Conditional sentence (“house arrest”) A conditional sentence is equivalent to a term of imprisonment (jail), except that the offender serves the sentence outside of prison under rigorous, jail-like circumstances. Conditional sentences are commonly referred to as “house arrest” since offenders are frequently required to serve all or a portion of their sentence at home.
Similar to jail, a conditional sentence will result in the offender’s conviction being recorded. To impose a conditional sentence on a defendant, the court must first impose a prison term and then decide whether to allow the defendant to spend the time outside of jail. When a court can impose a conditional sentence is subject to certain constraints.
A court may only issue a conditional sentence if the following conditions are met: The sentence of imprisonment is less than two years; the offender has not been convicted of a criminal offense that requires a minimum amount of jail time; the offender has not been convicted of a serious personal injury offense, a terrorism offense, or a criminal organization offense with a maximum term of imprisonment of ten years or more; and the judge is satisfied that allowing the offender to serve the sentence in the community would not jeopardize public safety.
Conditional sentences often include obligatory conditions and limitations comparable to a prison sentence. Frequently, a conditional sentence includes house arrest, at least for a portion of the sentence. House arrest often requires the offender to remain in their residence at all times (or at certain hours) unless they are working, attending school or religious services, or have medical appointments.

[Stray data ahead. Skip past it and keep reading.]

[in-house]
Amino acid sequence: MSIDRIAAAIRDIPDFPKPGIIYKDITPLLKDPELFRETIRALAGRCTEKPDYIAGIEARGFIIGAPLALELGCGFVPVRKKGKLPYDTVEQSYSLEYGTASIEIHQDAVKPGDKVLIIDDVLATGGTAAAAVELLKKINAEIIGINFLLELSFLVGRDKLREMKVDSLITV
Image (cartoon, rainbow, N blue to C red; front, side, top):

Additional requirements may resemble those of a probation order. Commonly, a probation order will accompany a conditional sentence. The supervision of a conditional sentence is the responsibility of a conditional sentence supervisor (who is actually a probation officer.) Every conditional sentence mandates a minimum of one report to the conditional sentence supervisor.
How much is house arrest in Pennsylvania?
Electronic Monitoring Expenses –
|Type of Monitor||Cost|
|GPS – Active electronic monitoring||$10 / day|
|GPS – Passive electronic monitoring||$10 / day|
|House Arrest with Electronic Monitoring (no phone line required)||$10 / day|
|SCRAM (Alcohol Monitoring)||$10 / day|
An Examination of the Crimes That Preclude Home Detention in Indiana – Due of congestion, the Marion County Department of Corrections allocated over $1,000,000 in 2016 to recruit more staff to meet an increase in home detention. This brings the total number of individuals on some type of house detention in Indianapolis to nearly 3000.
- This may be a preferred option for people who wish to complete the balance of their sentence in a more pleasant environment.
- In accordance with the Indiana Code, the court may impose home detention as a term of probation lasting at least sixty days.
- The offender on home detention is required to remain in their residence at all times, unless they are working at a location approved by the court, seeking employment, receiving medical care, attending an educational institution, attending a regularly scheduled religious event, or participating in a community release program.8A International Law Encyclopedia: Criminal Law 578.
Although Home Detention may be acceptable to certain criminals, it is not available to all. There are several eligibility requirements, and it is essential to determine if you are qualified to be placed on home detention. There are two basic types of disqualifiers for home detention forbidden under Indiana statute.
- First, the defendant is ineligible for home detention if they are being detained pursuant to a detainer, warrant, or procedure issued by a court of another jurisdiction.
- In addition, a person is ineligible for direct placement on house arrest if convicted of any of the following felonies: Murder (IC 35-42-1-1).
(IC 35-42-1-1). A battery charge listed in IC 35-42-2 involving a lethal weapon or resulting in death. Kidnapping (IC 35-42-3-2). (IC 35-42-3-2). Criminal confinement with a deadly weapon (IC 35-42-3-3) Robbery (IC 35-42-5-1) resulting in serious bodily harm or utilizing a lethal weapon.